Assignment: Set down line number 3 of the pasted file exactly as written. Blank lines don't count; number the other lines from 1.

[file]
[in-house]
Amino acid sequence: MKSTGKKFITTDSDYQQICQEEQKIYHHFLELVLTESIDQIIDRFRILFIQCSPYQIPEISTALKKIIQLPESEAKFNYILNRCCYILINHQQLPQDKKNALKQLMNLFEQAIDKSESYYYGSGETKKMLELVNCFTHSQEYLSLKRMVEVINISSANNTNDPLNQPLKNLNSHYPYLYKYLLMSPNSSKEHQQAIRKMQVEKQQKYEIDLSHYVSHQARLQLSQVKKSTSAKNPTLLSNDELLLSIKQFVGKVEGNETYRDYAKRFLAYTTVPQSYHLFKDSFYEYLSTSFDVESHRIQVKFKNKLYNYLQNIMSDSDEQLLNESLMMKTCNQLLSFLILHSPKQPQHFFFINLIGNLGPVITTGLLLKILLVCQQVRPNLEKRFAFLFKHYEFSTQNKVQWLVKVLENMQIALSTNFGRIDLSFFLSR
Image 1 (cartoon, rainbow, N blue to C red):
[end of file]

Image 1 (cartoon, rainbow, N blue to C red):